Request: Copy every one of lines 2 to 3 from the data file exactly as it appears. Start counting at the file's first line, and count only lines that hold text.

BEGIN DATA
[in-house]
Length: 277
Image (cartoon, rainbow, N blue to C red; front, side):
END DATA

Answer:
Length: 277
Image (cartoon, rainbow, N blue to C red; front, side):